(1976) Porsche 912 E – Ultimate Guide
After a six-year absence, the 912 was re-introduced to North America for the 1976 model year as the 912E to fill the entry-level position left vacant by the discontinuation of the 914, while the new 924 was being finalized and put into production. The Porsche 912E was a one-year only model, and was only offered for model year 1976 and the 912E (E=Einspritzung) was only offered in the US.
During the production run of May 1975 to July 1976, Porsche manufactured 2,092 of the 912E (E=Einspritzung), targeted only to the US market. By comparison, 10,677 (4,784 US) 911’s were built for the 1976 model year. At $10,845 MSRP, the 912E was $3,000 less than the 911S. The Porsche 912E was also the only 912 offered with a galvanized chassis that helped to overcome a common 912 issue; rust.
The 912E used the 911 chassis with the Porsche-designed 2.0 VW engine that was used in the 914. The VW “Type 4” engine was originally made for the 1.7 liter VW 411/412. The 912E uses a Porsche-designed 2.0 liter revision of the engine with a longer 71mm stroke crankshaft, new rod bearings and new pistons to increase the cylinder bore to 94mm. Power output was 86 bhp @ 4900 rpm and torque was 98 ft lbs @ 4900 rpm. The 912E’s Bosch L-Jetronic / Air Flow Controlled system was later adapted for the 911. The 912E has a 20+ gallon fuel tank, 30 mpg and 600-mile range.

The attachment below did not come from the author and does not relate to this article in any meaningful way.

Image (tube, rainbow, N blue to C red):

Since the 912E uses the same chassis as the 911 it handles much like the 911, but with less power and weight. Frankly, we love it as an entry-level car because we find it to be more forgiving than a 911 to drive. As Road & Track noted when testing the car: “The 912E will obviously find favor with those who prefer a slightly more practical and tractable Porsche. It’s a car with almost all the sporting virtues of the more expensive 911S, yet its simpler pushrod 4-cylinder engine should make for better fuel economy and less expensive maintenance than the 911’s six”
The interior is the same as the 911, though some pieces were extra cost options including two of the five gauges. 14-inch Fuchs alloy wheels was a popular option; “Cookie-Cutter” alloy wheels were also available (it was rare to see a 912E with the standard 15-inch steel wheels). Other options were electric sunroof, 923/02 anti-slip differential, electric antenna (located on the passenger side front fender), power door mirrors, power windows, headlight washers, H1 headlamps. Air conditioning was a popular dealer-installed option. As a stopgap, the 912E was the single instance of “planned obsolescence” in Porsche history. With only 2,092 built, its one year-only model run, and the desirable qualities inherited from contemporary 911s, the 912E is one of the more collectible four-cylinder Porsches.
“The fittings are simpler in this model although in terms of materials, trim and finishing the 912E is of high Porsche quality. “The 912E is comfortable where the Carrera is harsh, rational where the Carrera is excessive.” Owners of 912’s were asked why they chose to buy a 912 instead of the 911 and the biggest over-riding response was because of the handling of the car.
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